UBS Trial Aftermath: 5 Things UBS Did Right, And 5 Things To Improve OnUBS Trial Aftermath: 5 Things UBS Did Right, And 5 Things To Improve On
The government's forensics investigator spent more than three years pouring over UBS's records and analyzing its network in preparation for the computer sabotage trial. Here are his top-five lists for what the company did right after the attack, and what it could have done better before.
July 20, 2006
While Roger Duronio was the one being charged with four federal crimes in U.S. District Court, security administrators at UBS PaineWebber may have felt like they were on trial, as well.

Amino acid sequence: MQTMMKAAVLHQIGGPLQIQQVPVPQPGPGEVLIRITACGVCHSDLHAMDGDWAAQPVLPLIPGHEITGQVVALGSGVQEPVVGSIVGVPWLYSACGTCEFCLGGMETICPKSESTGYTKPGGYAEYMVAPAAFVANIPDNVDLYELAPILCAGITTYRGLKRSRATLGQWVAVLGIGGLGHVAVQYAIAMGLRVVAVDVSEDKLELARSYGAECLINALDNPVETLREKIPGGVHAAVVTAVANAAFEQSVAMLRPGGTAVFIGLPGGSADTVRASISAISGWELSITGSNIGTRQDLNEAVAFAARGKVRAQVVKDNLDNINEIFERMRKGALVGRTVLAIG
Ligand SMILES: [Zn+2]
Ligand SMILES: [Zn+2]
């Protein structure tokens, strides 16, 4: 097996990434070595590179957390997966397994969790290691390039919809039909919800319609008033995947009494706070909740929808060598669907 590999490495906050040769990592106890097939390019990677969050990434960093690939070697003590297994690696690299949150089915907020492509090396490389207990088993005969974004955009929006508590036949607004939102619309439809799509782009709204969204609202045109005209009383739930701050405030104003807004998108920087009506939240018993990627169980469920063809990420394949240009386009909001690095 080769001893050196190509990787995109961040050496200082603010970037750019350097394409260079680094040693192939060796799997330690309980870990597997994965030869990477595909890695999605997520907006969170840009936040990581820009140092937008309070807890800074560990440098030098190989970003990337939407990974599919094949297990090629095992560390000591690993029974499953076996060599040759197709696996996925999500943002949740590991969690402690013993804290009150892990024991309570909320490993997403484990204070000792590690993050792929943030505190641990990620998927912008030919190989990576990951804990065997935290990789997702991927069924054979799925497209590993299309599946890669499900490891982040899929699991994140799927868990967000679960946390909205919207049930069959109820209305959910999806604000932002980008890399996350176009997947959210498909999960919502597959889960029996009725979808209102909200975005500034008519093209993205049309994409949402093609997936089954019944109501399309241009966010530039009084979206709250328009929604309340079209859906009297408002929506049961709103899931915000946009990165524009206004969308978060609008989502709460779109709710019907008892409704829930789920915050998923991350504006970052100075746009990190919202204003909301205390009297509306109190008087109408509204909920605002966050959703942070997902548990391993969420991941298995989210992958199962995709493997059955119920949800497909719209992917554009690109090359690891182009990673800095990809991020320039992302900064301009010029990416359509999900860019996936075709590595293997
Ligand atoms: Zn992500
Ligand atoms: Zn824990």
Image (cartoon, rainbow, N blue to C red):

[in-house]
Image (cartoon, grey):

The defense routinely attacked the company's security practices and policies in open court, saying UBS security was so riddled with holes that absolutely anyone could have planted the malicious code that knocked out its nationwide server network. But while the defense was pointing to what it called security weaknesses, one man who spent more than three years examining the financial services company's network says security administrators there had done a lot of things right. Keith Jones, the government's forensics expert in the case, said he found that at the time of the attack--March 4, 2002--UBS was more security-conscious than a lot of companies he consulted for back in 2001 and 2002. Was UBS perfect? "No, but who is?" asks Jones, who is the director of computer forensics and incident response at Mandiant, an information security company based in Alexandria, Va. After wading through UBS backup tapes, logs and countless lines of source code, Jones came up with a list of the top five things that UBS did right, following the attack. What helped the company get back on its feet? What helped forensics investigators do their jobs? Read on: Five Things UBS Did Right After the Attack
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